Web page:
Putin gives Shell shot at Arctic oil

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Anglo-Dutch energy giant Shell on Friday won the vital vote of confidence it needed from Prime Minister Vladimir Putin as it took direct aim at Russia's vast northern seas oil wealth.

Putin said he found Shell a "comfortable" and familiar partner with which Russia could jointly develop the massive Arctic energy fields held by the state-owned oil firm Rosneft.

But the country's de facto leader also left the door open for a return to Russia by Britain's BP after its $16 billion alliance with Rosneft spectacularly collapsed last week.

"It could," Putin said of the Anglo-Dutch company when asked if Shell might be Russia's new partner.

"We have been working with Shell for a long time and feel quite comfortable with them as a partner," news agencies quoted Putin as saying.

"But our work with BP is not finished either," he added.

The guessing game of who gets Russia's next mega-project carries immense implications as the world seeks to reduce its dependence on oil from the Middle East.

The untapped reserves of the Arctic have been estimated at above 400 billion barrels of oil equivalent -- more than 10 times the size of the Santos Basin fields now being developed by Brazil.

Rosneft's three Kara Sea fields are not expected to come on line for another two decades but BP was willing to hand over five percent of its shares and pay for the entire project for the chance to develop the hidden wealth.

Analysts say that several other companies have the same deep-sea drilling experience as BP and are now courting Putin with their best sales pitch.

The odds of US multinational ExxonMobil winning the contract have grown longer amid speculation that it was not ready to assume the domestic political risk of associating itself so closely with the Kremlin.

A spokesman for Shell said that company chief Peter Voser did not broach the subject of a stock swap when he flew into Moscow this week to meet the head of Rosneft and Russia's energy tsar Igor Sechin.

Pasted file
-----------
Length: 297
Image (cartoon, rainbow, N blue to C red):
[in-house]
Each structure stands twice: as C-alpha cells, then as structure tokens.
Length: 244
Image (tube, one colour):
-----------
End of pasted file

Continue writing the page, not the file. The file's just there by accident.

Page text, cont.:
But government and Rosneft officials told the Vedomosti daily that Shell was now Russia's exclusive negotiating partner, suggesting it had got the inside track after BP dropped out.

Shell had already signed a "strategic agreement" with Rosneft in 2007 -- a deal that has yet to grow beyond joint work off Sakhalin Island in the Far East -- and is a known quantity to Putin.

News agencies also quoted Putin as saying that Shell "could" become Rosneft's partner on the same terms as BP.

Rosneft has long set its sights on becoming the world's largest oil producer and the deal negotiated with BP would have given the state champion its coveted prize.

Putin was careful too not to remove the British firm from the picture entirely by noting that BP had a long-standing history in Russia which would not end with the lapse of a single deal.

"Yes -- even in the Arctic," Putin said when asked where BP might work with Russia again.

"We have different options," he said. "But I think that these problems should be decided at the corporate level and not here."

Some analysts have suggested that BP may be hired as a contractor in the Arctic but not granted a stake in the fields themselves.

© 2011 AFP

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